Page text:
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The Collected Tales of Nikolai Gogol

The Collected Tales of Nikolai Gogol( )
Author: Gogol, Nikolai
Translator: Pevear, Richard
Volokhonsky, Larissa
Series title:Vintage Bks.
ISBN:978-0-375-70615-8
Publication Date:Aug 1999
Publisher:Knopf Doubleday Publishing Group
Imprint:Vintage
Book Format:Paperback
List Price:AUD $26.99
Book Description:

When Pushkin first read some of the stories in this collection, he declared himself "amazed."  "Here is real gaiety," he wrote, "honest, unconstrained, without mincing, without primness. And in places what poetry! . . . I still haven't recovered." More than a century and a half later, Nikolai Gogol's stories continue to delight readers the world over. Now a stunning new translation--from an award-winning team of translators--presents these stories in all their...
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Book Details
Pages:464
Detailed Subjects: Fiction / Short Stories (Single Author)
Fiction / Literary
Physical Dimensions (W X L X H):13.106 x 20.269 x 2.413 cm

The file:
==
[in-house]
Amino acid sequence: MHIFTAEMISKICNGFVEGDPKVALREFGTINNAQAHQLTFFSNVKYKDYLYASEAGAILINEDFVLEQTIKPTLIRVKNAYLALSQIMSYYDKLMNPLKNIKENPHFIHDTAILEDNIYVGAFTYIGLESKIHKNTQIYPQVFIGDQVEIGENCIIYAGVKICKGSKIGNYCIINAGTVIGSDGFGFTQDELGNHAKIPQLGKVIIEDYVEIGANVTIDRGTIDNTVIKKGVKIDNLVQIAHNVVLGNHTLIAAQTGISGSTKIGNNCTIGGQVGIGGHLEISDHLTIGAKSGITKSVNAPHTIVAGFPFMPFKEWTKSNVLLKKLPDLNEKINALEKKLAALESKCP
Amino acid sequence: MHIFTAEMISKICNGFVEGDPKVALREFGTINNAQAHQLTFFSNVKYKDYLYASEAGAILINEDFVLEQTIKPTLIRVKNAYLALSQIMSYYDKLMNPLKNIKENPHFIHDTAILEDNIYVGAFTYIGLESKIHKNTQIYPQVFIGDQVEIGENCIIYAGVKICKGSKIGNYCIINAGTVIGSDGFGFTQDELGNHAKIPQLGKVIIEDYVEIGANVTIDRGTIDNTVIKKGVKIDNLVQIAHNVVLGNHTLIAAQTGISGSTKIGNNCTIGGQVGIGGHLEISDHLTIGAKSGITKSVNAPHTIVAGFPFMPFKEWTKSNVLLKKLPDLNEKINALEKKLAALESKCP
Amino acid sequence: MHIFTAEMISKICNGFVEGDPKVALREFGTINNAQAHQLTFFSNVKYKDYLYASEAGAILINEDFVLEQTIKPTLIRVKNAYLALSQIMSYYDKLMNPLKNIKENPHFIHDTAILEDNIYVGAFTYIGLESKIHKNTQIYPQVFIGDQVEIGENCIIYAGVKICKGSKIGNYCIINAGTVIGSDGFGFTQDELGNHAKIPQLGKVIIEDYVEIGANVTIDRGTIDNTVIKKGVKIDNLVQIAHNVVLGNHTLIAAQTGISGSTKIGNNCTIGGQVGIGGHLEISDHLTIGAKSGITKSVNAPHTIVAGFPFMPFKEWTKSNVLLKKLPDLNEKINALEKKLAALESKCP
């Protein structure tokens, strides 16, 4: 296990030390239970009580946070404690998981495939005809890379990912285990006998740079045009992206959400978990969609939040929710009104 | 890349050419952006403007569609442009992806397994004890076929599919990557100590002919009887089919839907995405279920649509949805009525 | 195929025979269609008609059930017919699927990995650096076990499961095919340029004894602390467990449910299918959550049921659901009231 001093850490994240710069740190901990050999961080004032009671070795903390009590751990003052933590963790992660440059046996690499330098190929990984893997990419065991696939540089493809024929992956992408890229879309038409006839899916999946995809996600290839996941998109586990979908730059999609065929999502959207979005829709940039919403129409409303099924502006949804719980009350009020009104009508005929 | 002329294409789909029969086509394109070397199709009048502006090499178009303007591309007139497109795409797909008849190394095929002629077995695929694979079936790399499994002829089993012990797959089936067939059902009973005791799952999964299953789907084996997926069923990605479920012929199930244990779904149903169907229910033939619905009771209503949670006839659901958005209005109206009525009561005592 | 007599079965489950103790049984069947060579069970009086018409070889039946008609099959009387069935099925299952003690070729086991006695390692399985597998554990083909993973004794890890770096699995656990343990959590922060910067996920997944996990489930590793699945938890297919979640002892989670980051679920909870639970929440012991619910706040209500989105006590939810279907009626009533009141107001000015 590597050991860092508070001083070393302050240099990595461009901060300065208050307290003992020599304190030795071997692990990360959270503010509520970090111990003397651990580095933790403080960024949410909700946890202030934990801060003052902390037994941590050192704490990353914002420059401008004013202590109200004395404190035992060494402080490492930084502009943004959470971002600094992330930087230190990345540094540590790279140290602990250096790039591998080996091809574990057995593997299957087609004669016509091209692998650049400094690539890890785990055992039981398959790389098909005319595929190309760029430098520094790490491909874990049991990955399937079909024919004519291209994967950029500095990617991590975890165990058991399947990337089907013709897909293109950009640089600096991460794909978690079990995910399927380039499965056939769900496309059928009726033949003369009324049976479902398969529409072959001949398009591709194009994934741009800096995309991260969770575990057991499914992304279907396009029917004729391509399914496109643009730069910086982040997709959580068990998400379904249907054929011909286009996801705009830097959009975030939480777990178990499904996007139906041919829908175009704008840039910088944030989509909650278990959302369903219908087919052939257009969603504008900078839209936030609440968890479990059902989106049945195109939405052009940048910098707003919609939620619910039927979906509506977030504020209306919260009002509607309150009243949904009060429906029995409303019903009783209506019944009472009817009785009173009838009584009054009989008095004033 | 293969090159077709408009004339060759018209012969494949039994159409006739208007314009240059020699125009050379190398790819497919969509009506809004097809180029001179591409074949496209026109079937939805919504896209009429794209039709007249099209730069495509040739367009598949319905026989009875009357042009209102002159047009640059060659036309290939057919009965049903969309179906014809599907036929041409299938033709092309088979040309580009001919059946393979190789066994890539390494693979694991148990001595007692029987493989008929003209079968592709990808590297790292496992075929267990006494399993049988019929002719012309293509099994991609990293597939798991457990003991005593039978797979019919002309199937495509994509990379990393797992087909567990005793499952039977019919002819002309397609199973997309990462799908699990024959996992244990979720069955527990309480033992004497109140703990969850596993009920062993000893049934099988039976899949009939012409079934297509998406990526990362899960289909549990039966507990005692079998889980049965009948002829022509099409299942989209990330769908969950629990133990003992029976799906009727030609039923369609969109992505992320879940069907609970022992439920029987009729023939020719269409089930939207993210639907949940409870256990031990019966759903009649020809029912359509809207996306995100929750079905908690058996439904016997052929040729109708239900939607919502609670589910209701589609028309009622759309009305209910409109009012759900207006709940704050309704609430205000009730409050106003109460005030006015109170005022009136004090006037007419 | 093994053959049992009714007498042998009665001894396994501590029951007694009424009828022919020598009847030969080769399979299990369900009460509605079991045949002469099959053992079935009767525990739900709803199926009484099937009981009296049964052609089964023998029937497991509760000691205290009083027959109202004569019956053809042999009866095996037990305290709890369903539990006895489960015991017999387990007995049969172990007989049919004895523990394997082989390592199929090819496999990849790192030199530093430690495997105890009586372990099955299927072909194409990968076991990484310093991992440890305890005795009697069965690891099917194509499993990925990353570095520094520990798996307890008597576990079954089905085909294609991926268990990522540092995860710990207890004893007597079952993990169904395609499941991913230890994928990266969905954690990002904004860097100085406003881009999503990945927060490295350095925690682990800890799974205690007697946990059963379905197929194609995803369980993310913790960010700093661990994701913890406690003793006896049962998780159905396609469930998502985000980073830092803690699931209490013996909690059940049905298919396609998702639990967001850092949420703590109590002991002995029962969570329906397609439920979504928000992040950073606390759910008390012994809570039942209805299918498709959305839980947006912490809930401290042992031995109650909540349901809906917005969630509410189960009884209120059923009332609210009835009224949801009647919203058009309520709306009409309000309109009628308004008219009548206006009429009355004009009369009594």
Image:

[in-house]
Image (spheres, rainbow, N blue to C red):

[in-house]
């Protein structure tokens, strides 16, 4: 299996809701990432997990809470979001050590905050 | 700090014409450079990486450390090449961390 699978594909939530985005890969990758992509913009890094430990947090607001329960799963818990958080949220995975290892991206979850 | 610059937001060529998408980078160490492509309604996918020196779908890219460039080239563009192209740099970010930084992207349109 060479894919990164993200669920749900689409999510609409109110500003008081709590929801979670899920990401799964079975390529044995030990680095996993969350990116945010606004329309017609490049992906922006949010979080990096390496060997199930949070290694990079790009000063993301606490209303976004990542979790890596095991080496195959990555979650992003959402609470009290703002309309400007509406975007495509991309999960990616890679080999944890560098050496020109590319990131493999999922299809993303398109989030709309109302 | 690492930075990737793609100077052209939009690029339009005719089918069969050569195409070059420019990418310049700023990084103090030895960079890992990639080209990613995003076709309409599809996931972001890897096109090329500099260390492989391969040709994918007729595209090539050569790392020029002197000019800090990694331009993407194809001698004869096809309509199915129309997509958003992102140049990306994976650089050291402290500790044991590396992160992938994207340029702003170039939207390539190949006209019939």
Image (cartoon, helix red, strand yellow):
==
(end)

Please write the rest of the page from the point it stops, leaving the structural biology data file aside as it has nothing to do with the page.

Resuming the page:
Book Weight:0.33 Kilograms
Author Biography
Gogol, Nikolai (Author)
Nikolai Vasilevich Gogol was born in 1809 in the Ukraine. His father was an amateur playwright who had a small estate with a number of serfs. From the ages of 12 to 19, young Gogol attended a boarding school where he became known for his sharp wit and ability to amuse his classmates. After school he worked as a government clerk. He soon began writing memories of his childhood. His quaint depictions of the Ukrainian countryside marked his style and helped to make him famous.

Gogol quickly gained fame and formed a friendship with the influential poet, Aleksandr Pushkin. Gogol is largely remembered for his realistic characterizations, his rich imagination, and his humorous style. His works include Mirgorod, a collection of short stories including Taras Bulba. Gogol's wit is evident in his short story, The Nose, where a man's nose wanders off around town in a carriage. Gogol's masterpiece is the novel Dead Souls. In this work, a swindler plots to buy from landowners their dead serfs.

Towards the end of Gogol's life, his creative powers faded and he fled to Moscow. Here, he came under the power of a fanatical priest. Ten days before his death he burned some manuscripts of the second part of Dead Souls. He died of starvation in 1852, on the cusp of madness.

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